ITC Issues First Exclusion Order on SEPs and Upcoming Opinion Expected To Provide Important Guidance on FRAND and SEPs
The decision in U.S. International Trade Commission (ITC) investigation Certain Magnetic Data Storage Tapes and Cartridges Containing the Same, Inv. No. 337-TA-1012 (“1012 Investigation”), is still confidential, but the ITC has issued a notice stating that ALJ Shaw has ruled in favor of patentee Fujifilm against Sony and recommended that an exclusion order be issued. This is important because it is the first time the ITC has issued an exclusion order on standard-essential patents (SEPs), and may be the first time any U.S. tribunal has issued exclusionary or injunctive relief on patents which were declared standard essential. In the opinion, which should become public in a few weeks, ALJ Shaw, who presided over the case, is expected to address a number of key issues relating to the assertion of SEPs in general, and at the ITC specifically. In this case many of Sony’s affirmative defenses relate to the alleged essentiality of the asserted patents and the Administrative Law Judge was asked to answer a number of questions relating to SEPs generally and the ability to enforce them at the ITC.
The dispute between Fujifilm and Sony is worldwide and encompasses two pending ITC investigations, 3 IPRs, and infringement actions in the Southern District of New York and Japan. Fujifilm brought an ITC complaint on May 27, 2016, alleging that Sony magnetic tape media (specifically, Sony’s linear tape-open, or “LTO,” products) infringed six Fujifilm patents and seeking a limited exclusion order precluding the importation of those Sony products. LTO, according to the complaint, “is a magnetic tape storage technology developed … as an open format by a private consortium comprised of Hewlett-Packard, IBM, and Quantum.” Sony responded with a public interest statement saying that the asserted patents had been declared essential to the LTO standard LTO-7 and were therefore subject to fair, reasonable, and non-discriminatory (“FRAND”) licensing requirements. Sony’s response to the complaint also raised a number of FRAND-related defenses. Sony claimed that an exclusion order was contrary to the public interest because Fujifilm had not met its FRAND obligations, that Fujifilm’s assertion was patent misuse, that Fujifilm, by participation in the standards process, had implicitly waived exclusionary relief as a remedy against infringement of LTO SEPs by willing licensees like Sony, and that Fujifilm had committed breach of contract because the AP-75 license obligated Fujifilm to offer FRAND terms to Sony and not to seek to enjoin the importation of Sony’s LTO products. Fujifilm disputed that the patents were FRAND-encumbered.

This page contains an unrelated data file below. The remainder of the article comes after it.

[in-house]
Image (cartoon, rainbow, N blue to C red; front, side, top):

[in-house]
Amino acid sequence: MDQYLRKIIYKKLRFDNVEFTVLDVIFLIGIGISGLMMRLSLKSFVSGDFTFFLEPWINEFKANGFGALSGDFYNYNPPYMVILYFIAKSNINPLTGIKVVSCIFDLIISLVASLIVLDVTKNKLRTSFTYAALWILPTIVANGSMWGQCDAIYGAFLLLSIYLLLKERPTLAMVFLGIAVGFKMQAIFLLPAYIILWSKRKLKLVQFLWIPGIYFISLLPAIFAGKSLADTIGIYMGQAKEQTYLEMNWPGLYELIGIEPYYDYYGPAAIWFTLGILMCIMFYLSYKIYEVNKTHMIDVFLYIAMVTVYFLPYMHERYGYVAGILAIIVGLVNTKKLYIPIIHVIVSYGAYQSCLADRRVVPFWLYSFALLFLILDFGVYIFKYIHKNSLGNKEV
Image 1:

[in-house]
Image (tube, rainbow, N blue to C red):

The parties were asked to list the issues to be decided by the judge in his opinion, and identified a number of issues related to Sony’s FRAND defenses in their Joint Outline of Issues to Be Decided in the Final Initial Determination (Feb. 28, 2017). The parties asked the ALJ to decide:
Whether the asserted patents were standard-essential;
Whether an affirmative defense of breach of contract is an appropriate defense to patent infringement or an appropriate defense that may be brought at the ITC;
Whether Fujifilm breached the AP-75 license;
Whether Fujifilm engaged in patent misuse by asserting the purportedly essential patents;
Whether Fujifilm had waived its right to injunctive or exclusionary relief by its participation in the LTO consortium; and
Whether Fujifilm had implicitly licensed or exhausted its rights in the asserted patents.
The ALJ’s Initial Determination issued last Friday, September 1, but is currently confidential so all that is currently known is that the judge ultimately found a violation and recommended that the ITC issue an order excluding the accused Sony products and other order barring Sony from selling or marketing the products within the United States. As mentioned previously, this decision is significant as it marks the first time the ITC has issued an injunction on a standard essential patent. However, the Administrative Law Judge’s public opinion, which should issue within the next two weeks, is likely to be interesting for several reasons.
First, whether and under what circumstances the ITC can order the exclusion of articles that infringe SEPs is a question that has been heavily litigated in recent years and any judicial statements on the point will be helpful to understanding what restrictions on remedy, if any, the ITC recognizes as flowing from a F/RAND commitment.
Second, how a F/RAND obligation may arise is another contested area of law. The asserted patents in the 1012 Investigation may not have been expressly declared essential to a standard, and Fujifilm denies that they are F/RAND-encumbered. Courts, notably, the Federal Circuit in CSIRO v. Cisco Systems, Inc., 805 F.3d 1295 (Fed. Cir. 2015), have under some circumstances determined that the balance of equities favored encumbering SEPs not declared essential in respects akin to F/RAND, and it will be interesting to see how the ITC addresses this issue.
Third, the 1012 Investigation may present an opportunity for the Commission to discuss the burden of proof a respondent raising an affirmative F/RAND defense bears and what evidence can meet that burden.
Finally, as the parties in the 1012 Investigation noted, the availability in the ITC of breach of contract as an affirmative defense to a patent infringement count is an open question.
For all of these reasons, parties interested in SEPs, standard setting organizations, or the scope of injunctive relief available to patentees should follow this case.